• Perform an ECG and institute cardiac monitoring if there is any abnormality of conscious state or vital signs, or the child appears unwell
  • Only discharge the patient during the day

Q6. What is the role of decontamination in this scenario?

Answer and interpretation

In this case, I would not perform decontamination at this stage.

Decontamination in pediatric poisonings should never be a routine procedure. The decision to decontaminate should only be made if the benefits are thought to outweigh the risks. It is rarely indicated in asymptomatic children with normal vital signs, even if the risk assessment is based on the ‘worst case scenario’.

However decontamination should be performed if there is clinical evidence of early toxicity that may be life-threatening, or if the risk assessment indicates that supportive care and antidotal therapy alone will not be sufficient to ensure a good outcome.


References
  • Bar‐Oz B, Levichek Z, Koren G. Medications that can be fatal for a toddler with one tablet or teaspoonful. Paediatric Drugs 2004. 6123–126. PMID: [15035652]
  • Little G L, Boniface K S. Are 1–2 dangerous? Sulfonylurea exposure in toddlers. J Emerg Med 2005 Apr;28(3):305-10 [15769574]
  • McCoubrie D, Murray L, Daly FF, & Little M (2006). Toxicology case of the month: ingestion of two unidentified tablets by a toddler. Emerg Med J. 23(9):718-20 PMID: 16921090 PMCID: PMC2564221
  • Ranniger C, Roche C. Are one or two dangerous? Calcium channel blocker exposure in toddlers. J Emerg Med. 2007 Aug;33(2):145-54. Epub 2007 Jul 5. Review. PubMed PMID: 17692766.
  • Rosenbaum T G, Kou M. Are one or two dangerous? Tricyclic antidepressant exposure in toddlers. J Emerg Med 2005. 28169–174. PMID: 15707813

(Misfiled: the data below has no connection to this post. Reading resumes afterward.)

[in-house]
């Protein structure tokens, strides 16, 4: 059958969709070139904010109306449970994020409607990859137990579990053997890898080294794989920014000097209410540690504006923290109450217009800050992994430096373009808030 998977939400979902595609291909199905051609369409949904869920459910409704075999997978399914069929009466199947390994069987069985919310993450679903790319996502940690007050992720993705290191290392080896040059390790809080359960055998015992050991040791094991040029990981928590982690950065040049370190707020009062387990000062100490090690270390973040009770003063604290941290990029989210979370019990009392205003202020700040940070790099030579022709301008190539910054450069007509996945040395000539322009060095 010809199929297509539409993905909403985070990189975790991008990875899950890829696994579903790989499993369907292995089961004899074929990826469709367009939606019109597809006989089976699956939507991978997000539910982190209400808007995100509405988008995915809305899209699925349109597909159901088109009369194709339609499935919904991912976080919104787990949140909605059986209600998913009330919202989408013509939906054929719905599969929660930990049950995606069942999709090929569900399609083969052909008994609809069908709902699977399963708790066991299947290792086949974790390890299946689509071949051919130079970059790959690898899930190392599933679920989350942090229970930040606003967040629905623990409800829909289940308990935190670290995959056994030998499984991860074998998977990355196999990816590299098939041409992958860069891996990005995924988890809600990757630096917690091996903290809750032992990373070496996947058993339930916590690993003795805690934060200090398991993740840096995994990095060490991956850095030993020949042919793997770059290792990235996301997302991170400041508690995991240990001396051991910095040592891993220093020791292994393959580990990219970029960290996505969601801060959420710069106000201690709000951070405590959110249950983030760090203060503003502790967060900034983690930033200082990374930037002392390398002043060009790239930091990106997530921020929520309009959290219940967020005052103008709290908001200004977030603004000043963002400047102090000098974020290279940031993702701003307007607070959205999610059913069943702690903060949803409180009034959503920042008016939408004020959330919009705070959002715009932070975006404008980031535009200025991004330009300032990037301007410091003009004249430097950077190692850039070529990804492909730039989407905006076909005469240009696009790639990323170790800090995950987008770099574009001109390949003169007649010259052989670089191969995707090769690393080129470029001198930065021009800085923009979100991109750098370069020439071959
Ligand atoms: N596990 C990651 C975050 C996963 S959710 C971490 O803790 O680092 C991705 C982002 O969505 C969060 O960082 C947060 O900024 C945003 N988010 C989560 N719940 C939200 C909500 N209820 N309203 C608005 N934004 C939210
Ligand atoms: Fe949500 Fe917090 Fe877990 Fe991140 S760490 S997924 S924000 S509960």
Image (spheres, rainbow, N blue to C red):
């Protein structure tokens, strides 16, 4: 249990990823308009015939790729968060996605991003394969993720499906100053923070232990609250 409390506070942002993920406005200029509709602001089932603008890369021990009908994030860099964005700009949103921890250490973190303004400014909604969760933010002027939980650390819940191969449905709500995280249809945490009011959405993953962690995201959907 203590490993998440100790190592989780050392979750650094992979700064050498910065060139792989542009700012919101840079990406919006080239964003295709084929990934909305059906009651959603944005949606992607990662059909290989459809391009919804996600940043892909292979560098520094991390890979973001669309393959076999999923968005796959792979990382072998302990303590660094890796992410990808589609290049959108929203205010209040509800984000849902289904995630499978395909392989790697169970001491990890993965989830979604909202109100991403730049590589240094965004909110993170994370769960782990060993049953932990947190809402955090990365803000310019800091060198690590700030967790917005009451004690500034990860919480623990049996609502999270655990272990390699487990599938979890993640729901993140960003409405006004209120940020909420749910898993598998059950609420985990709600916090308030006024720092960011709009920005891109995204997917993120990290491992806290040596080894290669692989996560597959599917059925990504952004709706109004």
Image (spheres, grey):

• Sachdeva D K, Stadnyk J M. Are one or two dangerous? Opioid exposure in toddlers. J Emerg Med 2005. 2977–84. PMID: 15961014
  • Smith E R, Klein‐Schwartz W K. Are 1–2 dangerous? Chloroquine and hydroxychloroquine exposure in toddlers. J Emerg Med 2005. 28437–443. PMID: 15837026

CLINICAL CASES

Toxicology Conundrum

Chris is an Intensivist and ECMO specialist at the Alfred ICU in Melbourne. He is also the Innovation Lead for the Australian Centre for Health Innovation at Alfred Health and Clinical Adjunct Associate Professor at Monash University. He is a co-founder of the Australia and New Zealand Clinician Educator Network (ANZCEN) and is the Lead for the ANZCEN Clinician Educator Incubator programme. He is on the Board of Directors for the Intensive Care Foundation and is a First Part Examiner for the College of Intensive Care Medicine. He is an internationally recognised Clinician Educator with a passion for helping clinicians learn and for improving the clinical performance of individuals and collectives.

After finishing his medical degree at the University of Auckland, he continued post-graduate training in New Zealand as well as Australia’s Northern Territory, Perth and Melbourne. He has completed fellowship training in both intensive care medicine and emergency medicine, as well as post-graduate training in biochemistry, clinical toxicology, clinical epidemiology, and health professional education.

He is actively involved in in using translational simulation to improve patient care and the design of processes and systems at Alfred Health. He coordinates the Alfred ICU’s education and simulation programmes and runs the unit’s education website, INTENSIVE.  He created the ‘Critically Ill Airway’ course and teaches on numerous courses around the world. He is one of the founders of the FOAM movement (Free Open-Access Medical education) and is co-creator of litfl.com, the RAGE podcast, the Resuscitology course, and the SMACC conference.

His one great achievement is being the father of two amazing children.

On Twitter, he is @precordialthump.

| INTENSIVE | RAGE | Resuscitology | SMACC